To fix a 'broken' healthcare system, employers need to be proactive
Employers have options, experts at World Health Care Congress 2018 said, but they have to start now to truly help employees.
WASHINGTON — Improving accessibility, affordability and quality will be key to addressing the nation's "hodgepodge" of healthcare systems, Tom Price, former U.S. Secretary for Health and Human Services (HHS), told an audience of payers, care providers and employer representatives Tuesday.
Given the number of different care systems and the different sets of rules governing each, "it's no wonder why we find ourselves in such a mess," Price said in remarks delivered at World Health Care Congress 2018. "I would suggest however that it's a huge opportunity ... if we could just harmonize much of the mechanisms and the systems that we have, imagine the efficiencies and that we could gain within the system, and imagine hopefully the better experience that patients would have."
But Price, one of several panelists and speakers at the 2018 World Health Care Congress, merely hinted at the surface of deep, systemic issues in healthcare that affect all populations — including employers.
Frustrations and solutions
Multiple drivers of healthcare dissatisfaction were discussed during sessions on Monday and Tuesday, ranging from fee-for-service pricing models that don't focus enough on patient outcomes and preferences, to disconnected information systems.
Attempts to change the current paradigm to one that places more value on patient outcomes (also known as value-based care) face an obvious challenge.
"Our market share is on patient beds," Karen Springer, president of healthcare operations for Ascension Healthcare, said at a panel Monday. Hospitals are focused on patient volume as an indicator of profitability, even though an increasing prevalence of chronic conditions in the U.S. means patients need other treatment options to keep them out of hospitals. "We have to be responsible for changing that dynamic," Springer said.
In the meantime, payers are realizing that traditional industry cost-shifting practices, in which hospitals shift higher costs onto patients with insurance, is "absolutely unsustainable," said Phil Jackson, CEO of health plan products at Sacramento-based Sutter Health during the panel with Springer.
"We need a much a faster transformation," Jackson said, citing a need for measures like walk-in clinics and workplace visits as new ways to deliver care and educate consumers.
The role of employers
Worksite clinics are one example of how employers can bring care delivery outside the walls of the hospital. Though not exactly a new or cheap concept, on-site clinic operations can improve workers' overall experience with the healthcare system and even confer business benefits by reducing attrition, Gale Adcock, chief health officer at SAS Institute, said during a presentation.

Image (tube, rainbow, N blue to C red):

The operations at SAS are fairly comprehensive, providing everything from traditional primary care to a walk-in pharmacy and even a lab for examining biological samples. The company originally jumped from an urgent care model to a primary care one 23 years ago, Adcock said, but even a less comprehensive on-site clinic model can deliver results.
"Primary care is the bread and butter of what we do," Adcock said, "if you don't spend enough time on it, you'll spend way too much on specialty care."
Employers are also exploring direct contracting relationships with providers to improve employee access to centers of excellence. The reason: "A third of what we spend is literally wasted, and our employees' lives are no better for it," said Marcus Osborne, VP of health and wellness transformation at Walmart, on a panel.
Osborne said Walmart deliberately seeks out nationwide centers of excellence for expensive procedures like spinal care, covering the cost of both the procedure and travel incurred for it as well as follow-up measures like physical therapy. But the key is to prevent unnecessary procedures that end up harming employees in the long run.
"If you're not assessing appropriateness and quality, you're not looking at the full picture," Osborne said.
Correction: This story has been updated in order to clarify Jackson's comments on the participation of employers and other non-hospital parties in improving healthcare delivery.
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